True story. As a kid I would always hear that, in Massachusetts pedestrians had the right of way. I never really knew if it was true, or why it was such a common topic for discussion among pre teens in the 1970’s. Was it some kind of remnant from the ancient past, like our use of the word “dingle“?
Anytime my dad heard anything about having the right of way he would comment: “He died with the right of way”.
I remember the CNU presentation about how it was that the automobile took control of our streets and the specific incident of the mother in Georgia who went to jail because, rather than walk the better part of a mile out of her way to get to the “closest” crosswalk after going shopping with her 3 kids and getting dropped off by the bus, she chose to cross directly across the street. When her 4 year old son was killed by an oncoming car driven by a drunk driver she was deemed to also be criminally at fault.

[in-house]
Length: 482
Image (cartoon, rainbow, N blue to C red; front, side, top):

Just yesterday in Springfield an incident was reported in which a pedestrian died. Each news report decided to include that the victim was not in a crosswalk:
Looking at a map of the area where the incident occurred I would say the victim was clearly much more than 300 feet from the nearest crosswalk:
This is one of the more suburban areas within the boundaries of the city of Springfield. The closest crosswalk was over three times the 300 feet obligation the law sets out for pedestrians. Is it germane that the pedestrian, then, wasn’t in a crosswalk?
I wonder if it will ever be the case that asking if a person crushed to death by a car was in a crosswalk will sound like asking what a woman was wearing when she was raped?